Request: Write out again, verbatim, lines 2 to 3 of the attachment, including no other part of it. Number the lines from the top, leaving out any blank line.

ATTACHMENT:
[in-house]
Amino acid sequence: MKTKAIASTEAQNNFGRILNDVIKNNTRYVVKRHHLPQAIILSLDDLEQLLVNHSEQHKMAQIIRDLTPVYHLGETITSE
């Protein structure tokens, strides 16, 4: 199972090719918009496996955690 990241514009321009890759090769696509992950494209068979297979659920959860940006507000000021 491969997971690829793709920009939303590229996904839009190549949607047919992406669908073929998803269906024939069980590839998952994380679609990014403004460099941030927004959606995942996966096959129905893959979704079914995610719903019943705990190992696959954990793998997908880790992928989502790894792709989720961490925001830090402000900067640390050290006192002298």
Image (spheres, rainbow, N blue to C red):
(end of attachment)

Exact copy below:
Amino acid sequence: MKTKAIASTEAQNNFGRILNDVIKNNTRYVVKRHHLPQAIILSLDDLEQLLVNHSEQHKMAQIIRDLTPVYHLGETITSE
């Protein structure tokens, strides 16, 4: 199972090719918009496996955690 990241514009321009890759090769696509992950494209068979297979659920959860940006507000000021 491969997971690829793709920009939303590229996904839009190549949607047919992406669908073929998803269906024939069980590839998952994380679609990014403004460099941030927004959606995942996966096959129905893959979704079914995610719903019943705990190992696959954990793998997908880790992928989502790894792709989720961490925001830090402000900067640390050290006192002298």